California Actuary Settles Tribal Embezzlement Suit

(Law360)  A California actuary named in a massive racketeering suit involving the gambling operations of the Paskenta Band of Nomlaki Indians has settled the tribe’s allegations on undisclosed terms, according to a Wednesday filing in California federal court.

Robert Haness and his company Haness & Associates LLC said that they had reached a deal to be struck from the band’s lawsuit against its former leaders and numerous other defendants a month after they first told the court that a settlement was taking shape, court documents show.  The tribe in March accused Haness of helping former tribal leaders sock away millions of dollars in inflated retirement benefits.

The Paskenta tribe, which operates the Rolling Hills Casino in Corning, California, filed a Racketeer Influenced and Corrupt Organizations Act suit on March 10 against former tribal officials and others, alleging a yearslong embezzlement scheme involving fraud, coercion, intimidation, extortion, and bribery that siphoned tens of millions of dollars from the tribe.

The suit is the latest move in a bitter, long-running dispute between two tribal factions over control of the Paskenta band’s casino revenue.  In June 2014, a California federal judge issued a restraining order at the request of the state’s attorney general to stop the factions from moving forward into armed conflict and to keep them from shutting down the operation.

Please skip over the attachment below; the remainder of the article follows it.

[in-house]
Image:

Former leaders Ines Crosby, John Crosby, Leslie Lohse, and Larry Lohse are accused, along with other tribal members, of fraud, extortion, vote-rigging, bribery, and embezzling tens of millions of dollars to support lavish lifestyles and seizing control of the tribe and its non-casino business entity, Paskenta Enterprises Corp.

But the Crosbys and the Lohses in November alleged that other tribe members, including tribal council Chairman Andrew Freeman, orchestrated a coup, kicked them out of the tribe, and stripped them and their family members of benefits to increase the share of casino revenues that would flow to other tribal members.

The Paskenta band accused Haness of breaching his fiduciary duty to the tribe and common law negligence.  Over the summer, Haness’ company argued that it had no fiduciary duty to the tribe, as no statute creates a fiduciary duty between a third-party contractor and a plan sponsor.

Andrew Purdy of Joseph Saveri Law Firm Inc., an attorney for the tribe, said that the settlement terms were confidential.  He added that it had yet to be finalized.  Attorneys for Haness didn’t immediately reply to a request for comment on Wednesday.

The Paskenta Band of Nomlaki Indians and Paskenta Enterprises Corp. are represented by Stuart Gross and Daniel C. Goldberg of Gross Law PC, and Joseph R. Saveri, Andrew M. Purdy, and Kevin E. Rayhill of Joseph Saveri Law Firm, Inc.

Haness is represented by Meghan M. Baker and Avalon J. Fitzgerald of Downey Brand LLP.

The case is Paskenta Band of Nomlaki Indians et al. v. Crosby et al., case number 2:15-cv-00538, in the U.S. District Court for the Eastern District of California.

(Reporting by Jack Newsham.  Additional reporting by Andrew Westney and Vidya Kauri.  Editing by Stephen Berg.)